Osteosarcoma is the most prevalent type of bone cancer found in dogs. It's an aggressive, tumour-forming cancer that can metastasise to surrounding organs and lymph nodes. Any breed of dog can develop this condition, but large breeds seem to be more susceptible to developing bone cancer than small breeds. It's not yet understood why some dogs develop osteosarcoma, and the condition has not been linked to genetics, age or gender. Here's an overview of the symptoms, diagnosis and treatment approach for osteosarcoma in dogs:
Symptoms of osteosarcoma include swelling at the site of the tumour, localised pain and lethargy. Lameness can occur when tumour growth develops along a leg bone, as the bone will weaken and can fracture. In response the pain they are experiencing, your dog may become socially withdrawn and irritable, and they may also lose their appetite, which can quickly lead to dehydration.
Diagnosis And Treatment Approach
Your vet will diagnose osteosarcoma by taking details of your dog's symptoms and carrying out a physical exam. Blood and urine samples will be collected to check for signs of inflammation or infection and organ function. Your dog will also undergo diagnostic imaging, such as an X-ray or CT scan, to determine the size of the tumour, any damage to the bone and whether cancerous cells have spread to other parts of their body.
Treatment for osteosarcoma typically involves surgical removal of the tumour, and when a limb is severely affected, amputation is sometimes necessary. If this is the case, your dog will receive physiotherapy to help them adapt. If cancerous cells have spread to other parts of their body, chemotherapy or radiation therapy will be required. These therapies don't have a great success rate in dogs with this type of cancer, so early diagnosis is an important factor in your dog recovering from osteosarcoma.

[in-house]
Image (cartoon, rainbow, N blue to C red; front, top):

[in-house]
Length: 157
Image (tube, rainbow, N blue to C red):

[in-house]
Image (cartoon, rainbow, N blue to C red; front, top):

During treatment and recovery, your dog will require a quiet, calm living environment, so you may have to keep them separate from other pets or young children. They will also have to reduce their activity levels, so long walks and playing fetch will be off bounds for a while. Your vet will have several follow-up appointments with your dog to ensure treatment has been effective and there's no further development of cancerous cells.
If your dog has any of the symptoms associated with osteosarcoma, schedule an appointment right away with your vet to prevent unnecessary suffering.